1. lyman alpha blob

          Well the guy in the article is one of them.

          He’s a recent transplant from NY, also known in VT as a “flatlander”. I’m not familiar with Pawlet, but I have to wonder if the town’s population has lost its critical mass of long-time ornery Vermonters, because I don’t see how things would have ever gotten that far in the VT towns I’m familiar with.

          When a hurricane remnant caused widespread flooding damage in VT several years ago, it washed out the on and off ramps to I-89. People needed to get places and weren’t willing to wait for government assistance, so one local fired up his own bulldozer and made some new ramps. There is a certain sense of self reliance among the long time residents.

          As to the guns, they are very commonplace in VT and people target shoot all the time, but behavior like what the * in the article is doing is highly frowned upon. My family still tells the story of a great uncle of mine who with his grandson came across an empty hunters’ truck on his property, and he was less than amused that they had chosen to go hunting without asking permission first, which he would have quite likely granted had they bothered. All anyone knows for sure is that the old man yanked the spark plugs from the hunters’ truck and told the grandson to run home while he stayed and waited for the hunters to come out of the woods. My guess is that was the first and last time those people hunted on his farm.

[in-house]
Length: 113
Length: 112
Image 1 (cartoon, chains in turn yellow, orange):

Another fun story involves a good friend’s dad who was a fine example of the crotchety northern New England stoic. The town put up a streetlight which shone into his room at night. He asked the town to remove it a few times and they did not. The town finally got the hint when some ‘unknown’ person simply shot the streetlight off the telephone pole.

          If the authorities don’t deal with this flatlander menace, my guess is some locals eventually will, if the town has any left and hasn’t been overrun by less can-do types.

    1. Wukchumni

      Let me preface this by saying it isn’t uncommon to hear 5-10 gunshots a week in the distance, here. We’re pretty rural and nobody cares if you shoot once awhile…

      That said, about 7 years ago some guy bought a home and decided he wanted to shoot at all hours-which really pissed off his neighbors, nobody wants to hear shots going off @ 11:35 pm, but nothing seemingly could be done to stop him from doing so, because guns have more rights than humans as the situation goes in these not so United States.